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Survey finds Sydney, N.S., residents in favour of rail trail

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For years, there has been talk about transforming a section of abandoned rail line along Kings Road in Sydney, N.S., into a rail trail.

Now a new study suggests the people who live closest to the tracks want to see them torn up to make it happen.

"They surveyed over 700 people - residents along this area along with businesses as well,” said Jarret Gosbee, a member of an active transportation group that conducted the survey along with four Cape Breton University students.

The study found 86 per cent of those polled were in favour of having a multi-use path along Sydney Harbour for walking and cycling, rather than the return of commercial rail.

"It's a direct path, protected the entire length as well as a lot of economic benefits for tourism right along our harbor,” Gosbee said.

Cape Breton Regional Municipality (CBRM) councillor Eldon MacDonald said while a rail trail would make it easier for people to get around a growing city, there are other things to consider - not the least of which is the fact CN purchased a stake in the Cape Breton rail line last November.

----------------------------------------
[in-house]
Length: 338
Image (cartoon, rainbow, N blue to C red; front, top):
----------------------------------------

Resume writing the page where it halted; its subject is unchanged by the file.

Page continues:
"For us, CBRM, we've been advocating for a link there for active transportation for many years,” MacDonald said. "I look forward to having some discussions with CN, and CN coming to the table. As I said, Genesee & Wyoming over the years wasn't really a favourable candidate to do that."

Cape Breton University recently proposed a light rail line that would be used by students and the public.

Gosbee feels the community could have all of that, and an active transportation path along Kings Road.

"I think that's actually kind of a common thing with light rail systems. You would have a light rail and a trail that runs next to it,” Gosbee said.

While having the data from the survey is one thing, Gosbee knows getting anything done with it - or with the tracks that have sat idle for 10 years - is another.

"We're hoping that we just have a spot at the table when it comes to any future projects along this corridor,” Gosbee said. “We can say 'yes/and' to all projects."

An earlier report estimated the cost of converting the tracks into a multi-use trail at roughly $2.2 million, while creating a path alongside the existing rail line would cost roughly $8 million more.

For more Nova Scotia news visit our dedicated provincial page.

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